Every franchise in the post-season race is looking closely at their so-called “super nine”, but there is always one or two players that can make the difference.
These are the Latino players that their franchises need, and count on as key factors.
These are the Latinos that can be their key master to this year 2009 Fall Classic.
New York Yankees: 3B-Alex Rodriguez; P-Mariano Rivera
Boston Red Sox: 3B-Mike Lowell
Tampa Bay Rays: 1B-Carlos Peña
Detroit Tigers: IB-Miguel Cabrera; OF-Magglio Ordoñez
Minnesota Twins: SS-Orlando Cabrera
Chicago White Sox: Ozzie Guillen (Yes! The Manager)
Los Angeles Angels: OF-Vladimir Guerrero
Texas Rangers: P-Neftali Perez; C-Ivan Rodriguez
Philadelphia Phillies: 3B-Pedro Feliz; C-Carlos Ruiz
Florida Marlins: SS-Hanley Ramirez; 3B-Jorge Cantu
Atlanta Braves: SS-Yunel Escobar; P-Javier Vazquez
St.Louis Cardinals: 1B-Albert Pujols; C-Yadier Molina
Los Angeles Dodgers: OF-Manny Ramirez; SS-Rafael Furcal
Colorado Rockies : P-Ubaldo Jimenez; P-Jorge de la Rosa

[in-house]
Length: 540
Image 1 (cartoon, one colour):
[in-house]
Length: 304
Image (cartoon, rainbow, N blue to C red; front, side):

San Francisco Giants: C-Bengie Molina; 3B-Pablo Sandoval
Since 1929 when the New York Yankees and the Cleveland Indians were the first major league clubs to wear uniform numbers, players have been marked forever by their jersey numbers.
In Yankee Stadium at Monument Park you can see all the famous numbers that have been immortalize by such names as Billy Martin, Babe Ruth, JoeDiMaggio, Lou Gehrig, Mickey Mantle, Yogi Berra, Don Mattingly and Reggie Jackson.
The most famous no. 8 ever in Baltimore Orioles history was Cal Ripken. In Boston the most notable no. 9 ever was Ted Williams. No fan in Philly have forgotten that no. 20 was property of Mike Schmidt.
In Pittsburgh never has been forgotten the no. 8 Willie Stargell and number 21 Roberto Clemente.
Every franchise has its own history. Every fan is loyal to their favorite player’s number. When I pitched in the little leagues I was no. 30 in honor of Nolan Ryan. When my pitching young days were over my jersey number was no. 8 in honor of Dickie Thon.
This is my list of numbers that have been immortalize by latinos in Major League Baseball history:
3-Alex Rodriguez (Seattle Mariners-Texas Rangers))
11-Luis Aparicio, Edgar Martinez, George Bell
13-Alex Rodriguez (New York Yankees), Dave Concepcion, Omar Vizquel
18-Moises Alou, Omar Moreno
19-Juan Gonzalez, Bert Campaneris
20- Jorge Posada
21-Roberto Clemente, Sammy Sosa, Ruben Sierra, Carlos Delgado (New York Mets)
24-Tany Perez, Manny Ramirez, Miguel Cabrera
25-Jose Cruz, Rafael Palmeiro, Mike Lowell, Carlos Delgado (Toronto Blue Jays)
27-Juan Marichal, Vladimir Guerrero
30-Orlando Cepeda, Dennis Martinez, Magglio Ordoñez
34-David Ortiz, Fernando Valenzuela
45-Pedro Martínez, Carlos Lee. John Candelaria
46-Tony Armas Sr.